Sierra Leone Flags
Flag of Sierra Leone
The flag of Sierra Leone is the third flag that has ever represented the nation. The first two flags were used during the colonial era, when Sierra Leone was part of the British Empire. The modern Sierra Leone flag follows in the footsteps of those colonial flags, but it does not show any major influence from them. The flag of Sierra Leone has a simple design, but it still serves quite well as a simple of the nation's relatively recent independence from foreign rule.
- Capital of Sierra Leone: Freetown
- Area of Sierra Leone: 71,620 sq. km
- Languages used in Sierra Leone: English (official), Mende, Temne, Krio
- Religions in Sierra Leone: Muslim, indigenous beliefs, Christian
Colors and Symbolism of the Sierra Leone Flag
The Sierra Leone flag is made up of three horizontal stripes. The upper stripe on the flag is green, and it represents the natural resources of Sierra Leone, especially its agricultural output and its high mountains. The middle stripe is white and represents justice and unity. The bottom stripe is blue, and it represents the nation's hope of contributing to world peace. The blue color was also chosen as a reference to the natural harbor of Freetown, which serves as the capital of Sierra Leone and a major economic hub for the nation. The lack of references to the nation's colonial flags indicates the country's separation from its colonial past and dedication to maintaining itself as a free and independent nation in the modern era.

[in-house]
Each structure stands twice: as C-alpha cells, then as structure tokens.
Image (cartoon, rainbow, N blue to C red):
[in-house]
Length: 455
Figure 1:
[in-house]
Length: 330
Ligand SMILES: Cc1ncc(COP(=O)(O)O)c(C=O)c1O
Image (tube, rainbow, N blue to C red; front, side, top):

History of the Flag of Sierra Leone
The first flag of Sierra Leone followed the same pattern as the majority of colonial flags within the British Empire. It was a British blue ensign defaced with the colonial seal, which featured an elephant in front of a tree with the colony's initials written along the bottom. It shared the design with several other British colonies, and their flags could only be distinguished by their initials. That flag came into use in 1889 and fell out of use in 1914, when the colony of Sierra Leone was granted its own coat of arms that featured an oil palm tree and a ship arriving in a harbor. The new coat of arms replaced the seal on the old flag's design.
The modern flag came into use in 1961, the same year that Sierra Leone gained its independence. The flag has remained in use as a symbol of Sierra Leone ever since,
Popular Resource Pages
Popular Product Pages